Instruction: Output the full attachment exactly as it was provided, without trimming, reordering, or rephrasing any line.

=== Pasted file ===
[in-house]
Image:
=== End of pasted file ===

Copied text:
[in-house]
Image: